Block on Trump's Asylum Ban Upheld by Supreme Court
Jerry Sandusky was sentenced to at least 30 years in prison for sexually abusing numerous boys over a 15-year span. That span included his time as a Penn State coach, which entitled Sandusky to a hefty pension after his retirement.
The State Employees Retirement System tried to cancel those pension payments following Sandusky's conviction, but a Pennsylvania court has reinstated his pension. Sandusky, who is serving essentially a life term on 45 counts of child molestation, will again receive $4,900 a month in retirement benefits from the state.
The issue of Sandusky's eligibility for state retirement benefits hinges on whether he was acting as an employee of Penn State when he committed his criminal acts. The retirement board cited a provision in the state Pension Forfeiture Act that applies to "crimes related to public office or public employment" when it stripped Sandusky of his pension.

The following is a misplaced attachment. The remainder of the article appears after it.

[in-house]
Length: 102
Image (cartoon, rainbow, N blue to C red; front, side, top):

But a Commonwealth Court panel unanimously disagreed, saying the crimes took place during Sandusky's working with his Second Mile foundation, through which he met the boys he is convicted of molesting. Judge Dan Pellegrini wrote for the court: "The board conflated the requirements that Mr. Sandusky engage in 'work relating to' PSU and that he engage in that work 'for' PSU. Mr. Sandusky's performance of services that benefited PSU does not render him a PSU employee."
The court ordered the pension system to reinstitute Sandusky's pension payments, including missed payments and interest covering that last three years. This is in addition to the $148,000 lump sum payment Sandusky received upon his retirement in 1999. (Sandusky's conviction includes charges of abuse that occurred as early as 1994.)
The State Employees' Retirement System hasn't announced whether it will appeal the court's ruling. But Sandusky is still appealing his conviction. Reuters reports that last week a state judge ordered the attorney general to produce any documents relating to any financial incentive Sandusky's victims may have had to testify in his trial, but refused requests for testimony from other potential witnesses regarding whether Sandusky received a fair trial.